“Sofie, come back!” Suzanne was shouting.
Sofie ignored her. The marble stairs were ahead of her. She did not care, did not slow. Sofie hit the first step, the second. It was only when she lost her balance that she realized she should have slowed much sooner. With a cry she fell, tumbling down one step after another, like a Raggedy Ann doll, limbs sprawling, hair flying,
around and around, down and down, until she landed with a final thump on the floor below.
And there she lay, unmoving.
Sofie was stunned. But whether from the fail or the news of her father’s death, she hardly knew. Slowly her head stopped spinning and her vision cleared. She did not move.
Papa was dead. Oh, Papa,
She became aware of an excruciating pain shooting through her ankle, and when she sat up, it was so intense that white light blinded her. She panted and the light disappeared, but the pain did not. Still, instead of holding her leg, she held her chest with both hands, curling into a ball, weeping.
“Miss Sofie, Miss Sofie, are you all right?” The housekeeper came rushing to her.
Sofie looked up the stairs at her mother, who stood silent and frozen on the landing two floors above, her face white, her eyes wide.
Sofie looked at the ground. “I am fine, Mrs. Murdock,” she lied. Her mother didn’t love her, and Papa was dead—how could she survive?
“You are hurt,” Mrs. Murdock cried, bending to help her up.
“If she is hurt, it is her own fault,” Suzanne said coldly from above. Glaring at Sofie, she turned away.
Sofie gazed after her mother, starting to cry again.
I am hurt, Mama. Please come back!
But she did not call after her.
Mrs. Murdock lifted her to her feet after Suzanne was gone. Sofie could not stand on her right foot and leaned heavily against the kind housekeeper. She had to bite her lip to keep from screaming now.
“I’ll see you to bed and get the doctor,” Mrs. Murdock said.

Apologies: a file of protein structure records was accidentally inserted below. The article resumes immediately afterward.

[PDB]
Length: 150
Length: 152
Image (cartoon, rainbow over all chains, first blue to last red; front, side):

“No!” Sofie cried, panicked. Tears started to stream down her cheeks again. She knew Suzanne would be furious if she was really hurt, and she was sure that if she rested, it would go away. And maybe, maybe if she was good, if she was very good, if she stopped drawing and did as she was told, Suzanne would love her more. “No, no, I am fine!”
But she was not fine. She would never be fine again.
Newport Beach, 1901
t was a glorious day. Sofie no longer regretted leaving the city in order to attend her mother’s weekend beach party.
A large sketchbook in one hand, charcoal in the other, Sofie paused on the crest of a dune to take in the view. The Atlantic Ocean lapped the shore, dappled from the sun. Above, gulls wheeled. The sky was a nearly blinding shade of blue. Sofie smiled, lifting her face, shadowed by a straw hat, towards the sunlight. It was moments like these that made Sofie realize that there was life outside of her studio’s four walls.
Then the throbbing of her ankle brought her back to her senses. She should not linger. Coming down to the beach could still prove to be a mistake. She did have a wonderful preliminary rendering of Newport’s shore, which she would begin in oils as soon as she returned to the city, but an entire evening awaited her, and it would be even less pleasant for her if she was limping more than was usual. Suzanne had a houseful of weekend guests, and Sofie could not help but feel some dread. In truth, if she had her choice, she would lock herself in her room and paint. But she did not have her choice, she had promised Suzanne to be her most sociable self, and Sofie intended to try her best to please her mother.